Senior Minister of State for the Environment and Water Resources Amy Khor spoke in Parliament about the problem of high-rise littering and the measures taken by the Government to punish offenders and deter potential culprits (7,700 cases of high-rise littering in past three years, Sept 4).
The Public Hygiene Council agrees with Dr Khor and supports the Government in its public engagement efforts.
Some of our longstanding outreach programmes include daily cleaning and Character and Citizenship Education classes in schools, as well as regular beach, park and community clean-up activities.
More recently, we piloted the Sustainable Bright Spot programme in 12 housing estates, where residents conduct regular clean-up of their estates, and we hope this will one day be done in all housing estates.
We are also reaching out to parents through the talks that the Singapore Kindness Movement is conducting in pre-schools, so that they will in turn teach their children good hygiene habits.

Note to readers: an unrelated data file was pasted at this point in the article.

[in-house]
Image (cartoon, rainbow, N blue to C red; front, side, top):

Leading by example are our "Litter-Free" ambassadors, who encourage everyone in their communities to keep their shared spaces clean.
However, as I have reiterated many times before, the onus is on every individual - regardless of educational and economic background - to play his or her part in helping to keep Singapore clean. Paid cleaners can only do so much. It will never end if we keep littering every time after they clean up.
Positive social norms cannot be cultivated unless each and every one of us makes it a habit to bin litter properly, return food trays at hawker centres and foodcourts, and simply be courteous, considerate and civic-minded. Only then can Singapore be a liveable city with a First World society.
Edward D' Silva
Public Hygiene Council